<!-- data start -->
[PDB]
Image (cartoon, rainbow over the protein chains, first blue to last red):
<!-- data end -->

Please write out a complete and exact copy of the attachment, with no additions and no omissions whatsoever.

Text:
[PDB]
Image (cartoon, rainbow over the protein chains, first blue to last red):